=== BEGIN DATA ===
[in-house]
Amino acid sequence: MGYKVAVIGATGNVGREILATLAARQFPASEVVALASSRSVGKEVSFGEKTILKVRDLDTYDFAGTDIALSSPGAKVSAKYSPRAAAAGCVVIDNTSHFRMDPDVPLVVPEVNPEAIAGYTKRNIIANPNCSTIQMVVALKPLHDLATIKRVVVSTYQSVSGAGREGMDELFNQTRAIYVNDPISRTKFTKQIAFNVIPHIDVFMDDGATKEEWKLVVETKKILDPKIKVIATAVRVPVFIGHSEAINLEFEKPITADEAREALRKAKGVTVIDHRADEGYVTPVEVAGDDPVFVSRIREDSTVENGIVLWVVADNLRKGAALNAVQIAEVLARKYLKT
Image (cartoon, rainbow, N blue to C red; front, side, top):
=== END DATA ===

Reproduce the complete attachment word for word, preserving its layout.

[in-house]
Amino acid sequence: MGYKVAVIGATGNVGREILATLAARQFPASEVVALASSRSVGKEVSFGEKTILKVRDLDTYDFAGTDIALSSPGAKVSAKYSPRAAAAGCVVIDNTSHFRMDPDVPLVVPEVNPEAIAGYTKRNIIANPNCSTIQMVVALKPLHDLATIKRVVVSTYQSVSGAGREGMDELFNQTRAIYVNDPISRTKFTKQIAFNVIPHIDVFMDDGATKEEWKLVVETKKILDPKIKVIATAVRVPVFIGHSEAINLEFEKPITADEAREALRKAKGVTVIDHRADEGYVTPVEVAGDDPVFVSRIREDSTVENGIVLWVVADNLRKGAALNAVQIAEVLARKYLKT
Image (cartoon, rainbow, N blue to C red; front, side, top):